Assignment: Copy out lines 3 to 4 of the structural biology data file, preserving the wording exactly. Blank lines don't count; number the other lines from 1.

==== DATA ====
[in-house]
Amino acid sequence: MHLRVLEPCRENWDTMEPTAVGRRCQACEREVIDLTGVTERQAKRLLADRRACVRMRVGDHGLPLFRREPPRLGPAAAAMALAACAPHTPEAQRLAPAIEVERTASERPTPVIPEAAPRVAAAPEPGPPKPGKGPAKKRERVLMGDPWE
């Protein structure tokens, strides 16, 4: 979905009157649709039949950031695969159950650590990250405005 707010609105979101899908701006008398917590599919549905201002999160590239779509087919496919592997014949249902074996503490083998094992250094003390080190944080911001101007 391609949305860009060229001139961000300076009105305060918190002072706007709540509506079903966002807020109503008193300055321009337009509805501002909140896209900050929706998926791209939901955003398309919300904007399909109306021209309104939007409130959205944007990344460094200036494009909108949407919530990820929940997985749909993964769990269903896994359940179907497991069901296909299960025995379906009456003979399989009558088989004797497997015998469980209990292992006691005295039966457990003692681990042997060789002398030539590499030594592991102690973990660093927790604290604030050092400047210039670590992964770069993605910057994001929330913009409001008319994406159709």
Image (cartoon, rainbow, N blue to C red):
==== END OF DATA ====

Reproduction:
């Protein structure tokens, strides 16, 4: 979905009157649709039949950031695969159950650590990250405005 707010609105979101899908701006008398917590599919549905201002999160590239779509087919496919592997014949249902074996503490083998094992250094003390080190944080911001101007 391609949305860009060229001139961000300076009105305060918190002072706007709540509506079903966002807020109503008193300055321009337009509805501002909140896209900050929706998926791209939901955003398309919300904007399909109306021209309104939007409130959205944007990344460094200036494009909108949407919530990820929940997985749909993964769990269903896994359940179907497991069901296909299960025995379906009456003979399989009558088989004797497997015998469980209990292992006691005295039966457990003692681990042997060789002398030539590499030594592991102690973990660093927790604290604030050092400047210039670590992964770069993605910057994001929330913009409001008319994406159709």
Image (cartoon, rainbow, N blue to C red):